Mayweather protected his financial interests and his undefeated record by fighting a conservative fight. That's all he's obligated to do. But he failed to burnish his legacy. He could have pressed his advantage numerous times Saturday night, but chose not to. Part of it is his nature: He does the bare minimum needed to win. Part of it is Father Time. Father Time is undefeated, and he's clobbering Mayweather right now. Mayweather looked tired and listless for large chunks of Saturday's fight. He's lucky Pacquiao looked even older.

4. Dortmund is really good
Dortmund showed tremendous courage and speed while setting the pace at the Derby. It took championship efforts from Firing Line and American Pharoah to reel him in, but the tiring horse held on for the third. This is clearly a horse that's not afraid of any challenge and has the stature and speed to win big races. Unfortunately for him, the Derby was too long and had two horses that were just a bit better.

3. Firing Line is better than Dortmund
Firing Line ran a valiant race. He stalked Dortmund brilliantly and made a nice big move to pass him late in the race. When American Pharoah moved into first, Firing Line didn't give up. He rose to the occasion and battled back, making a championship run of his own. In the end, American Pharoah was too much horse for Firing Line to overcome. But he made the Derby champion work hard for that first place finish.

2. American Pharoah is the best
American Pharoah is a big, strong, capable champion. He can run out front. He can stalk speed. He can close. And it feels like he has the speed and energy to run as fast as he wants for as long as he wants. He ran the perfect race Saturday to win the Kentucky Derby, and he has the talent to win the Triple Crown.

1. Triple Crown is a possibility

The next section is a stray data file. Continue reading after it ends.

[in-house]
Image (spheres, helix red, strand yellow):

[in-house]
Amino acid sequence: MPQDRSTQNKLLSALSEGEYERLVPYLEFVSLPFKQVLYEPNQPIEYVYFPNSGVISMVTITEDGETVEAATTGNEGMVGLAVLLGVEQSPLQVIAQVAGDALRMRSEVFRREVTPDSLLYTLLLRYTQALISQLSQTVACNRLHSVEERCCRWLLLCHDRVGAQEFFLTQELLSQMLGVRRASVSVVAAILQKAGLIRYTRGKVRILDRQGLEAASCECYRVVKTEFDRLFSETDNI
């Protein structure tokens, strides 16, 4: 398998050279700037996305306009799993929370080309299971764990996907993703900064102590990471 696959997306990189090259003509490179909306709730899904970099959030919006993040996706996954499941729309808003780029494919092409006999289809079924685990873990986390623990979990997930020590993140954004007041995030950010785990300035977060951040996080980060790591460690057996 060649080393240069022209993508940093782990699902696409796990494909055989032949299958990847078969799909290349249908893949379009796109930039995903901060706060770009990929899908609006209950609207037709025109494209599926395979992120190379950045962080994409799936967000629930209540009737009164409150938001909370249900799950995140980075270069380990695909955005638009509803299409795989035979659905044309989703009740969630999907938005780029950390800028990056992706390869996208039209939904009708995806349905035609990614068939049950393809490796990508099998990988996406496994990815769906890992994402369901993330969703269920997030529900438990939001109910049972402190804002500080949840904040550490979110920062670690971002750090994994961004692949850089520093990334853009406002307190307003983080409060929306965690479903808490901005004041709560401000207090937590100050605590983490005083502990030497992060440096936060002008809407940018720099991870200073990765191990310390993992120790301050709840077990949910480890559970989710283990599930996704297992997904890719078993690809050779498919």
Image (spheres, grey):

American Pharoah's combination of size, strength and speed gives him a very real chance to win the Triple Crown. He's proven he's the best horse. Now he has to prove he can handle the Triple Crown grind. This is the only time in American Pharoah's career that he'll be asked to race two grueling races over the span of three weeks and three grueling races over the span of five weeks. I like American Pharoah to win the Preakness, but I'm not sure about the Belmont. A fresh horse could catch him in that race.
Top-10 lessons from Betting Saturday is republished from Online.CasinoCity.com.
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Best of Vin Narayanan
Vin Narayanan

Vin Narayanan is the managing editor at Casino City. When he's not writing or editing stories, he likes to play Chinese Poker, Badugi, Razz and any other "non-traditional" poker game. He also thinks blackjack is his best game and loves game theory.

Before joining Casino City, Vin covered (not all at the same time) sports, politics and elections, wars, technology, celebrities and the Census for USATODAY.com, USA WEEKEND and CNN.

A proud graduate of Michigan State University, Vin can be found on most nights and weekends trying to find a way to watch the Spartans play football or basketball.

Vin Narayanan
Vin Narayanan is the managing editor at Casino City. When he's not writing or editing stories, he likes to play Chinese Poker, Badugi, Razz and any other "non-traditional" poker game. He also thinks blackjack is his best game and loves game theory.

Before joining Casino City, Vin covered (not all at the same time) sports, politics and elections, wars, technology, celebrities and the Census for USATODAY.com, USA WEEKEND and CNN.

A proud graduate of Michigan State University, Vin can be found on most nights and weekends trying to find a way to watch the Spartans play football or basketball.